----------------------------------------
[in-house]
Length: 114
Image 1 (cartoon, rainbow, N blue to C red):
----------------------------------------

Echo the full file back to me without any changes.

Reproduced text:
[in-house]
Length: 114
Image 1 (cartoon, rainbow, N blue to C red):